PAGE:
For Her New Album, Angel Olsen Taps In to Seventies Pop-Rock and Watery Nineties Reverb


If you watch Angel Olsen’s video for “Intern,” the first single from My Woman, you might be inclined to think she’s already veering off the course she set with her first two records. The clip — which also serves as a trailer for the new album, her first since 2014’s career-igniting Burn Your Fire for No Witness — shows few signs of the folksy trappings that have marked the erstwhile Bonnie “Prince” Billy backup singer’s solo work. Her signature blunt-cut baby bangs and acoustic guitar are nowhere in sight; instead, Olsen, who directed the video herself, dons a silver-tinsel wig as her woozy falsetto glides over the low, robotic moans of a mellotron. She’s clearly winking at a Ziggy Stardust–like glam-rock transformation: Perhaps weary of turning on the music industry’s hamster wheel, she sigh-sings, “Still gotta wake up and be someone,” as if putting out another album after achieving critical-darling status was the last thing in the world she wanted to do.

The next track Olsen released, however — a fiery, fed-up number called “Shut Up Kiss Me” — returns to hallmarks of her earlier output: the ragged guitar; the stomping percussion; the open-throated wail that carried her psych-folk-indebted 2012 breakout, Half Way Home; the lyrics (her wry humor and enigmatic imagery remain unmistakable). But don’t get too comfortable. The album really is unlike anything Olsen has done before, and the series of about-faces snaps our attention to this fact.

My Woman gleefully immerses us in contradictions, threading its way, sometimes messily, through thematic and stylistic tensions. Olsen’s voice, an airy amalgam of Stevie Nicks’s quiver and Hope Sandoval’s cloudy clarion, dovetails with the album’s formal templates: Seventies pop-rock and watery Nineties reverb. The uptempo trifecta of “Shut Up Kiss Me,” “Give It Up,” and “Not Gonna Kill You” on the album’s first half (all jaded scorn in a grungy, alt-rock rumble) contrasts with the back end’s lush, gleaming “Those Were the Days,” which sinks down into Olsen’s memories and offers a rare glimpse of inner contentment. And if the early songs tend to parse the world without, Olsen turns inward beginning with the hushed “Heart Shaped Face,” investigating her frustrations and refusing to leave any of them behind. Much of her output has documented a pervasive sense of longing, with Olsen unable to let go of the people, things, and ideas on which she’s expended so much emotional labor; on My Woman, she creates a fuller, more dynamic way to eulogize them.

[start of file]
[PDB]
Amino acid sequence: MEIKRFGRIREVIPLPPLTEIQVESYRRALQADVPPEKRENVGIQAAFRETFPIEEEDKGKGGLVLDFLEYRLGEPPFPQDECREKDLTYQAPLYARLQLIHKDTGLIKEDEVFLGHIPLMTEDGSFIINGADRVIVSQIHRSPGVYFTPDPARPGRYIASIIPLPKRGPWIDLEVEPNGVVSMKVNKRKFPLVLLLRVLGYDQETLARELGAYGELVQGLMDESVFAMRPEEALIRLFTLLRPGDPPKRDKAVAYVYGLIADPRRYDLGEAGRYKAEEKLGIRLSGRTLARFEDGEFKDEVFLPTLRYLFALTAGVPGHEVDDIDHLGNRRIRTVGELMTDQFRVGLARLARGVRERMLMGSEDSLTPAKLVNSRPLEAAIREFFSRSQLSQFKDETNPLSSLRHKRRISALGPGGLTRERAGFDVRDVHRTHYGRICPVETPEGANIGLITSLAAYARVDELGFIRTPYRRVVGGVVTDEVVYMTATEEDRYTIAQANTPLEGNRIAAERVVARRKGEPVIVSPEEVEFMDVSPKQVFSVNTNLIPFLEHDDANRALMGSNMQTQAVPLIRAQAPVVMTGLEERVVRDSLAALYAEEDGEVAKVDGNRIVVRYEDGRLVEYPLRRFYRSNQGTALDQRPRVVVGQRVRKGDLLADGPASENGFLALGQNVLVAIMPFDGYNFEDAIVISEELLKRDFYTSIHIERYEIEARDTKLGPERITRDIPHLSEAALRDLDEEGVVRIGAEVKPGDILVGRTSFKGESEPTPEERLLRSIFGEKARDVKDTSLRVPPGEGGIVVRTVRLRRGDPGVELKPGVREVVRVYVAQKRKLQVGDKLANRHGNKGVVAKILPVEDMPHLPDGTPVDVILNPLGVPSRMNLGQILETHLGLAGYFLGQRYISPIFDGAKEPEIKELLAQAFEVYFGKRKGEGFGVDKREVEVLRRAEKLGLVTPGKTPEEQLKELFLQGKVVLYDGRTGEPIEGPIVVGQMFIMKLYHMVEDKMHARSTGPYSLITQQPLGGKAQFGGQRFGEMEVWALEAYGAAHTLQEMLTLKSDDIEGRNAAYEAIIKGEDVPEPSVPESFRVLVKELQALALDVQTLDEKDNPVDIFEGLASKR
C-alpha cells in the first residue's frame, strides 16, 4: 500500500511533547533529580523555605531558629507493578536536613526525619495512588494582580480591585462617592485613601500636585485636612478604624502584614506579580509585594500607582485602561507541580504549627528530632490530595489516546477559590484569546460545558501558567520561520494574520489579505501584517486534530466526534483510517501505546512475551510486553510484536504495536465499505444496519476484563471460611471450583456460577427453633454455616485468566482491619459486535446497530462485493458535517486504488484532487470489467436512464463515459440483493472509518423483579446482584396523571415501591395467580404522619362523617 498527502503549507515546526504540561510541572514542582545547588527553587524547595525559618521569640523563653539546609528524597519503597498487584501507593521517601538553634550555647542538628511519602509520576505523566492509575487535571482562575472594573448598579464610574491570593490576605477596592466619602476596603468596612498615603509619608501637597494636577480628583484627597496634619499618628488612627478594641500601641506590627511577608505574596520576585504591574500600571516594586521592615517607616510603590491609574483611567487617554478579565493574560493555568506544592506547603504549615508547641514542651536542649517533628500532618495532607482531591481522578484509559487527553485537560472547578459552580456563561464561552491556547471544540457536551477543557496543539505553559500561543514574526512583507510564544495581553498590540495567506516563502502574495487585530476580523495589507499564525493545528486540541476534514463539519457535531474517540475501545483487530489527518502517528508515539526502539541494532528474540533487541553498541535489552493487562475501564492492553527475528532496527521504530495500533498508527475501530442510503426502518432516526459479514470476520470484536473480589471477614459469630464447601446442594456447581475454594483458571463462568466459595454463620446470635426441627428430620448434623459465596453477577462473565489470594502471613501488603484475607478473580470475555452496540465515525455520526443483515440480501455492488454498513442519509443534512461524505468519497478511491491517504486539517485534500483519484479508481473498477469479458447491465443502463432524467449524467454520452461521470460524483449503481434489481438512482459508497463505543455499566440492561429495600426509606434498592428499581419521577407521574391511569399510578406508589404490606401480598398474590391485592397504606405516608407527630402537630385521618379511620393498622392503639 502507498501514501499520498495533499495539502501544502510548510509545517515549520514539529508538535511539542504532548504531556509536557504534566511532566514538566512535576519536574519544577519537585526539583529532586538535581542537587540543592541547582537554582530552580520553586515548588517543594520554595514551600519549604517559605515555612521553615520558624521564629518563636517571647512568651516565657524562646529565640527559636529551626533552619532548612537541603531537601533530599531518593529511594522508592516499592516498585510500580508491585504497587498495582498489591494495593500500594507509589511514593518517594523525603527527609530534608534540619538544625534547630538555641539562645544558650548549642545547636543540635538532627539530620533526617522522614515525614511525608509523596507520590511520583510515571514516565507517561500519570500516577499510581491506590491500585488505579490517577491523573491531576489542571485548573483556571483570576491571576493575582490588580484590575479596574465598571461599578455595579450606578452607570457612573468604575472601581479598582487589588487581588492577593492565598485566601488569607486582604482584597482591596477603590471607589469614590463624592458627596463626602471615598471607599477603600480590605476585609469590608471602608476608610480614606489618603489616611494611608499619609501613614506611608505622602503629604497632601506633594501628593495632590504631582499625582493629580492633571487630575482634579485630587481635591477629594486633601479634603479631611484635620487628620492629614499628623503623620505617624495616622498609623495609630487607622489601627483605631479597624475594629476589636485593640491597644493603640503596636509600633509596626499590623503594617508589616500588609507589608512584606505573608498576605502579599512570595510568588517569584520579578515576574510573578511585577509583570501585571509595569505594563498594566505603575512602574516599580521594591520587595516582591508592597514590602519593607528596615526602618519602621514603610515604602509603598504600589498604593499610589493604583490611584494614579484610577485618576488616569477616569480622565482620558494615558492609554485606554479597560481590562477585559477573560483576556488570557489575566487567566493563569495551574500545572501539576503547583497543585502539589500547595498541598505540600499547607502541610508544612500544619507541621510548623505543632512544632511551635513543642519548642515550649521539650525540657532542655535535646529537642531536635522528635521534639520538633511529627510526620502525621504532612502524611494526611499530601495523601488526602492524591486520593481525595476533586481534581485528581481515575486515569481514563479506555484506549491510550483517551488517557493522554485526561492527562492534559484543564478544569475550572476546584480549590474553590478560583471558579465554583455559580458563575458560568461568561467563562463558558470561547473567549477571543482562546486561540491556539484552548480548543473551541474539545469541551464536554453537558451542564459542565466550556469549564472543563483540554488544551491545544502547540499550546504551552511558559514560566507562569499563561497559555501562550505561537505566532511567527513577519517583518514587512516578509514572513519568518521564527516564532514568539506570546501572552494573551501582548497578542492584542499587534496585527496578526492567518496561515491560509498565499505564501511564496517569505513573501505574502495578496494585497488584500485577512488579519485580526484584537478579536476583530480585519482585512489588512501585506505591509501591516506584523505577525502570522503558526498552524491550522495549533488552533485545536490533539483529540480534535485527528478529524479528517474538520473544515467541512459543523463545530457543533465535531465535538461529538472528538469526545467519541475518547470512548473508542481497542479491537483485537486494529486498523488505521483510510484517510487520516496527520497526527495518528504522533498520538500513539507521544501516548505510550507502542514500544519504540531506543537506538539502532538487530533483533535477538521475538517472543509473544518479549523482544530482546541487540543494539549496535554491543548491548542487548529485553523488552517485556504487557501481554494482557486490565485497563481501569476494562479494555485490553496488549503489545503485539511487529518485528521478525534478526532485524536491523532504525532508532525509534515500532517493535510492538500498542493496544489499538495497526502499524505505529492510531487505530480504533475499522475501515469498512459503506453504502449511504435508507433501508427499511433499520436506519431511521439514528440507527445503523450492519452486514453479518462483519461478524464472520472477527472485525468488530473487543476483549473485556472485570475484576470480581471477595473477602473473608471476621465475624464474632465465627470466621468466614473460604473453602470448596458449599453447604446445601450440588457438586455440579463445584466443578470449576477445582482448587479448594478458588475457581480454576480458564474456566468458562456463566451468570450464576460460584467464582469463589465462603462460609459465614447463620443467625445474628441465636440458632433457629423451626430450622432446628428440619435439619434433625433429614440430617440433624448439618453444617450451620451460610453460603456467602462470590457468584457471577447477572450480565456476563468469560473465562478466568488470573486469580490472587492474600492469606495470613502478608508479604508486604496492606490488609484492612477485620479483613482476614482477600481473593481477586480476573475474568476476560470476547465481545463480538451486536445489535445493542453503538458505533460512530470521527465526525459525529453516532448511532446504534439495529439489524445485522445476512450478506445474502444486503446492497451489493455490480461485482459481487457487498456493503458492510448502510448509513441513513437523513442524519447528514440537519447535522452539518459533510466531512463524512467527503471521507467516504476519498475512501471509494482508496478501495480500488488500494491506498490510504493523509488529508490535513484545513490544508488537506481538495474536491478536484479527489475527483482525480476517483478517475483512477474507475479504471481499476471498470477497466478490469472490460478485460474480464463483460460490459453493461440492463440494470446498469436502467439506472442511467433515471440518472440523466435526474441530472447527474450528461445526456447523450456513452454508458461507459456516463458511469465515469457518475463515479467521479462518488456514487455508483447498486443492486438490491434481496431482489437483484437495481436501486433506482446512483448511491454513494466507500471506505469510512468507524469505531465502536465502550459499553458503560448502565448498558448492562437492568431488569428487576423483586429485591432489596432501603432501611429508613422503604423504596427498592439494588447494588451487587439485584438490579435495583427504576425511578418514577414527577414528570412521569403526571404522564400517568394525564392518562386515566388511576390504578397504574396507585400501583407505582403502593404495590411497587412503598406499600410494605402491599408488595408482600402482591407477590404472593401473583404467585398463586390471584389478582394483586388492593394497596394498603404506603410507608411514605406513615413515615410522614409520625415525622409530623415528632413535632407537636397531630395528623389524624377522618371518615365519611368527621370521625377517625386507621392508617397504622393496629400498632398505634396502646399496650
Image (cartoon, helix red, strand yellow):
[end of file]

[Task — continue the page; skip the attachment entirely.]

That’s never more evident than on “Sister” and “Woman,” a pair of seven-plus-minute jammers that anchor the second half’s spaciness. Emily Elhaj’s patient bassline and the shifting strings of “Woman” meander toward Olsen’s sharp and embittered offering: “I could still breathe for you/Open up and scream for you,” she chides, before the track builds to a frayed, bluesy guitar solo layered with distant howls. Likewise, “Sister” opens up from twangy shuffle to buoyant riffs, with guest guitarist Seth Kauffman augmenting Stewart Bronaugh’s strums. Lyrically, Olsen tangles herself in irreconcilable differences, as when she slurs, “I want to live life/I want to die…right next to you” or repeats the couplet, “Oh, I never thought I’d change/All my life I thought I’d change.” The sister she addresses here seems to be not a discrete sibling but another side of herself — a hint at transformation still unrealized.

Olsen has always been hesitant in interviews to associate herself with feminism, or any political movement. (“Just because I’m a woman doesn’t mean that every work I make is a feminist statement,” she once told W.) But in her many moments of duality — the flights from cheekiness to vitriol to sheer spite (and back) that somehow manage to cohere — Olsen reveals her skill for confronting the experience women often have of being pigeonholed. Whether her refusal of tidiness is an indulgence or a parody or (most likely) something in between, Olsen purposely guards her motives, seeming almost annoyed that they might influence how her work is received. So, like the intern plugging away until someone notices her hard work, she grits her teeth, digs into her ambiguities, and waits for the rest of us to catch up.